An easy-to-read introduction.

Disadvantages Of Narrative Therapy (Essay Sample)

They might also be speaking about particular ways of talking with people about their lives and problems they may be experiencing, or particular ways of understanding therapeutic relationships and the ethics or politics of therapy.

There are various principles which inform narrative ways of working, but in my opinion, two are particularly significant: always maintaining a stance of curiosity, and always asking questions to which you genuinely do not know the answers.

I invite you to read this book with these two principles in mind. They inform the ideas, the stance, the tone, the values, the commitments and the beliefs of narrative therapy. When I meet with the people consulting me, I sometimes think of the possibilities for the directions of the conversation as if they are roads on a journey.

There are many cross-roads, intersections, paths and tracks to choose from. With every step, a new and different cross road or intersection emerges — forwards, back, right, left, diagonal, in differing degrees. With each step that I take with the person consulting me, we are opening more possible directions. We can choose where to go and what to leave behind. We can always take a different path, retrace our steps, go back, repeat a track, or stay on the same road for some time.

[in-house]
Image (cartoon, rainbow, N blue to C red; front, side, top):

At the beginning of the journey we are not sure where it will end, nor what will be discovered. The possibilities described in this book are like the roads, tracks and paths of the journey. Each question a narrative therapist asks is a step in a journey. All the paths may be taken, some of the paths, or one can travel along one path for a time before changing to another.

Importantly, the person consulting the therapist plays a significant part in mapping the direction of the journey.

Narrative conversations are interactive and always in collaboration with the people consulting the therapist. The therapist seeks to understand what is of interest to the people consulting them and how the journey is suiting their preferences.

You will often hear, for example, a narrative therapist asking:. In this way, narrative conversations are guided and directed by the interests of those who are consulting the therapist. As these descriptions suggest, stories are central to an understanding of narrative ways of working. For narrative therapists, stories consist of:. As humans, we are interpreting beings. We all have daily experiences of events that we seek to make meaningful.